It’s been an hour, and the young artists are out of time. Each group is ready to share their installation, to guide us through an experience that will make us reflect on a guiding question in their soliloquy. The first group, working with the Act I, Scene 2 soliloquy (“Oh, that this too, too sullied flesh would melt…”), created an installation from the top of the theatre’s steeply raked audience seats to the bottom. The installation used yarn tied from seat to seat across the aisles, arranged at increasing and decreasing levels.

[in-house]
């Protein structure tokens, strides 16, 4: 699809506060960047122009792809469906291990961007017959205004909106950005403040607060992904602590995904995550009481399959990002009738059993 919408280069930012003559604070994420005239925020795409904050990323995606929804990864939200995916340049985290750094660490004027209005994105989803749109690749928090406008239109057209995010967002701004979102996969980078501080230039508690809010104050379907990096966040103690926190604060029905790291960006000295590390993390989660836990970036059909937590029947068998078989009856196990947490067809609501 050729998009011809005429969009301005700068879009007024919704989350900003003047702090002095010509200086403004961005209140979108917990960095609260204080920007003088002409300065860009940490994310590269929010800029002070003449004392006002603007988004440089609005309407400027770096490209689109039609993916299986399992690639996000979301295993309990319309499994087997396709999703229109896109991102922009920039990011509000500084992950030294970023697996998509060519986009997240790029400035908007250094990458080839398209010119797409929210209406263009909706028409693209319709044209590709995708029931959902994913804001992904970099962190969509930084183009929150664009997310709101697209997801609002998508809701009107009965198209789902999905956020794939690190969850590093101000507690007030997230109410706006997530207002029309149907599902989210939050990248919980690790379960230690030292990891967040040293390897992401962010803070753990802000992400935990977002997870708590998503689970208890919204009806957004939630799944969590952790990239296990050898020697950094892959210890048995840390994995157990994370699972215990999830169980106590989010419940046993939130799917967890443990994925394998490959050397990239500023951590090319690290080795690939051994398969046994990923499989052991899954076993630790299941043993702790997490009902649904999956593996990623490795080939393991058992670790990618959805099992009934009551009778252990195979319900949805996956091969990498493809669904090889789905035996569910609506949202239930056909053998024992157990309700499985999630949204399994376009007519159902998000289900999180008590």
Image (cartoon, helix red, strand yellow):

An audience member is provided with scissors and asked to guide the rest of the audience through the yarn. When we arrive at the area where the string is closest to the ground, balloons fall from the balcony above us. We continue, a shorter distance this time, and arrive at the bottom. Afterwards, the students explain that they focused the guiding question, “How do we choose between what’s right and what’s easy?” They used the string to represent Gertrude’s emotions and Hamlet’s perception of them—a web that should be difficult to navigate, but instead cut through in a seemingly simple fashion. The balloons represented Claudius entering Gertrude’s life as a possible suitor, arriving at her lowest emotional state, distracting her from the challenge of moving forward.